Science writing is one way to engage the public. Being open and cooperative with journalists is another. And there are many others (visiting classrooms, volunteering at museums, hosting students, mentoring, meeting with politicians, and on and on). 

David inspired me with his enthusiasm for communication, his wit, his passion for science, and his instant likability. There was one other thing about him that surprised me: David Perlman is 94 years old.

Thursday, May 23, 2013

Register for Bay Area Population Genomics

From Ryan Hernandez:
Hello Everyone, 
We are excited to be hosting the 8th meeting of the Bay Area Population Genomics group at UCSF Mission Bay on June 8th!  Thanks to support from and the Institute for Quantitative Biosciences (QB3 @ UCSF), this conference will include breakfast and lunch.  In addition, we will also have a reception during the poster session, so we highly encourage you to preview your work at BAPG before heading out to summer conferences.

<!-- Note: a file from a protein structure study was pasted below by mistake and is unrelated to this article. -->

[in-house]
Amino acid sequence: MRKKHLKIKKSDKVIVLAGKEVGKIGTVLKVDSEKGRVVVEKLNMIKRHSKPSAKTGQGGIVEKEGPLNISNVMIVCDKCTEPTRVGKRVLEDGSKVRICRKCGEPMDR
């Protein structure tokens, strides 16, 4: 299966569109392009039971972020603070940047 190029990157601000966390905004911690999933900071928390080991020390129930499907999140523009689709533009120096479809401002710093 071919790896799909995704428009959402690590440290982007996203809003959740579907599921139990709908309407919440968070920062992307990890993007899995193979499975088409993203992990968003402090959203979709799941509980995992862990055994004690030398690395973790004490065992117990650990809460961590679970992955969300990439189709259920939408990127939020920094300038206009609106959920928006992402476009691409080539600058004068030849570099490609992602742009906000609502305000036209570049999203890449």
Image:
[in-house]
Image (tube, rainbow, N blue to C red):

Please register at, and sign up to give a talk or poster.  Registration is again free, but required by June 3rd. 
There is paid parking in the lot/garage at the corner of 4th and 16th streets, and we have a limited number of parking passes for people that sign up to present and/or make a strong effort to carpool (please email me for details). 
We are very much looking forward to seeing you at UCSF in a few weeks! 
This is an excellent opportunity to share ideas, learn about new topics, and meet other researchers! Unfortunately, this is the same weekend as the Miller Symposium that I've been co-organizing (I just finished up my informal presentation for it), but I encourage you all to participate.

Tuesday, May 21, 2013

What to do if your grant isn't funded

Or, more appropriately, what I am going to do now that my K99/R00 application was not funded.

In mid-April I got the official decision that my K99 application would not be funded. There is a lot of competition for funding, so I wasn't completely surprised, but I did want to know:
1. What were the concerns/criticisms of the application?
2. Based on the reviews, is it worth resubmitting?

It took a frustrating couple of weeks before I got the comments on my application (but glad to have them). I immediately contacted the Program Officer and set up a time to discuss the comments.